John Pollard at ADA Gallery downtown. (Photo by Chet Strange)
When John Pollard brought his Artists Downtown Access (ADA) Gallery to Jefferson and Broad streets in 2003, what’s now the Richmond Arts District mainly comprised 1708 Gallery, Artspace, Elegba Folklore Society, Corporate and Museum Frame and the Visual Art Studio. During ADA’s early days, Pollard often included music along with exhibitions, but with the arrival of venues like Balliceaux restaurant and Black Iris, the performance aspect seemed unnecessary. He misses the energy sometimes, though he says, “I can worry less about art getting knocked off the wall.”
Much has changed since then. First Fridays, which started small 15 years ago, has expanded to 40 venues and inspired museums and the Library of Virginia to follow suit. The excitement brought restaurants and shops to shuttered storefronts. Gallery5, formed in 2005 within a 19th-century fire and police station, exhibited paintings, sculpture and fine crafts, but also created a festival atmosphere. The University of Richmond in 2009 opened a downtown site that incorporates a gallery, and Quirk Gallery in 2015 expanded into an art-filled boutique hotel. Ashley Kistler, a longtime Richmond curator and arts administrator, observes about First Fridays, “I think the primary value of this monthly event has been to increase and diversify audiences for contemporary art, and to provide more opportunities for pop-up/temporary offerings that reveal a fuller range of current creative endeavors and interests. Unquestionably, it’s been a successful engagement strategy: In the process, First Fridays has reinvigorated Broad Street as a viable after-hours destination — a major accomplishment in the wake of various failed attempts since 1980.”
First Fridays brought crowds to downtown and gallery visitation increased, but all the commotion didn’t necessarily boost art sales. In response, some galleries began holding invitational Thursday openings for those who wanted to spend not only time, but money, on the art.
Artspace moved from Broad Street in 2004 across the river to Plant Zero, in part due to the deteriorating condition of its building, and also because of the pressure of First Fridays, where hundreds trooped through without experiencing the work. Today, the Manchester district’s Fourth Fridays events draw several hundred visitors, and sales have made a steady increase. “We’d go a week on Broad Street and not see anybody, which sounds weird,” Artspace president Dana Frostick says. “But down here, we’ll get six to 12 people during the day.”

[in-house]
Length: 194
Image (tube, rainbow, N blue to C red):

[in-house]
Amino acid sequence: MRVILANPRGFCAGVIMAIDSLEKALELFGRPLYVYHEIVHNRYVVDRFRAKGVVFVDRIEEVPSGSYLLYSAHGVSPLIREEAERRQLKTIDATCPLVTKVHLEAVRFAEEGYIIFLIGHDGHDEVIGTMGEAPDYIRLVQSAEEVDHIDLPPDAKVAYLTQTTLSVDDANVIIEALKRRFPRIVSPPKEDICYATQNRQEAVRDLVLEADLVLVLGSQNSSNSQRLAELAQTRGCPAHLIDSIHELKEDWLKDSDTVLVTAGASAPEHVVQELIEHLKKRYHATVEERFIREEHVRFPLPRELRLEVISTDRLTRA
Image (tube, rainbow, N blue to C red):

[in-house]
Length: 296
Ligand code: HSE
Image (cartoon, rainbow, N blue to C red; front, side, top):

In contrast, 1708’s director, Emily Smith, says that First Fridays is the nonprofit gallery’s biggest night of the month. “We’re not just giving away wine and cheese. And people do look at the work. They ask questions,” she says. “First Fridays helps us demonstrate that we bring art to a wide and diverse audience.”
For galleries, reaching the audience is an ongoing challenge that requires continuous innovation, restructuring and adjustment. Selling art involves a narrow margin, whether in Richmond or amid the gallery constellation of Chelsea in New York City.
Studio Two Three in Scott’s Addition. (Photo by Harry Kollatz Jr.)
Hues and Tones
Pollard, a Petersburg native, brought a punk-rock sensibility to the scene and cultivated a roster of artists both local and national. Pollard has had spaces on Main Street here and in New York (both something of an experiment), and in 2006 he began attending art fairs in Miami and New York City. “They aren’t cheap, so it’s risky business,” he adds, noting the entry fees, cost of travel and expense of transporting artwork. Still, he observes, “It is great exposure for our artists and for Richmond as well.” Pollard says that a surprising number of the people he’s met from around the world at these fairs know of Richmond only from Ken Burns’ Civil War documentary series, as the former capital of the Confederacy. But it’s people like Pollard who are, by dint of their efforts, re-assigning the region’s identity from unresolved belligerent to feisty cultural contributor.
Richmond’s art-showing spaces run the gamut from the venerable and respected to new and pop-up spaces. There’s the Reynolds Gallery, with top regional and national artists who sell in New York City and elsewhere, and the veteran Eric Schindler Gallery, which represents often figurative, but eclectic and accomplished work. One can admire the post-graduate youthful Sediment Arts on East Grace Street downtown and the DIY print arts program of Studio Two Three in Scott’s Addition.
There are the instructional art center galleries, the oldest among them the Visual Arts Center of Richmond, which is both a museum-quality exhibition space and a place of practical study with studios and classes. The artist hives of Crossroads Art Center on Staples Mill Road and Art Works in Manchester offer space for creatives who may not be art school graduates, and 1708 Gallery and Artspace exist to exhibit work that might not otherwise get shown here.